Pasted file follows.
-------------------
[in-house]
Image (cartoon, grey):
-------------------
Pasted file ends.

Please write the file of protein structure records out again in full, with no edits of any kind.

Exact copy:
[in-house]
Image (cartoon, grey):